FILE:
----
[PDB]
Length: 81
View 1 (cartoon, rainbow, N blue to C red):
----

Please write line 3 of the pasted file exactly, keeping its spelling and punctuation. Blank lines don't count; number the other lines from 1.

View 1 (cartoon, rainbow, N blue to C red):